What: “Civil Liberties and the U.S. Constitution: The Fred Korematsu Story” workshop, sponsored by the Hawaiʻi Council for the Humanities, for middle and high school teachers interested in teaching about the Japanese-American internment during World War II, civil rights in U.S. constitutional and legal history, and issues of discrimination.
The workshop is on Saturday, January 12, 2013; 9 a.m. – 3 p.m. @ Chaminade University of Honolulu, Henry Hall 207
Some travel stipends are available for neighbor island teachers. Contact Mitch Yamasaki at firstname.lastname@example.org or (808)735-4824 to get more information and reserve a space.
This public event is to gear students up for Fred Korematsu Day on January 30th.
What: (this is a save the date placeholder ONLY) – Alana Project (a culture-based professional development opportunity for Kamehameha teachers) – offered this summer (July 15 to the start of school + 3 continuity sessions) for _____ PD credits (working on getting 5 credits)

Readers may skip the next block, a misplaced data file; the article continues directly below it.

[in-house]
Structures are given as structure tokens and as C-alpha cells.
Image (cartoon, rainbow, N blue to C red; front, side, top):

In a nutshell, the Alana Project is:
“Indigenous culture-based educational strategies suggest promise where other Western culture-based strategies have failed in reducing educational disparities between indigenous students and their peers and in promoting positive and successful outcomes among indigenous students” (Kana’iaupuni, 2007).
Full disclosure: this is my action research for my dissertation, but this is also the work that I feel is my “seeing Tahiti.”
My mission statement:
The Alana Culture-Based Education Project is a grass-roots, collaborative, community initiative to grow educators who practice culture-based educational practices and teach their standards, assessment and content through a Hawaiian world view as a way to impact student learning.
I will work on flyers and nail down specifics soon. I’d appreciate any questions/concerns/comments as a I get things pa’a.
What: Kaʻiwikīloumoku, a multi-media warehouse for online cultural learning, the virtual site of Kamehameha Schools Kapālama’s new Hawaiian culture center. Find the following:
Why: use this online resource to infuse Hawaiian ʻike into your curriculum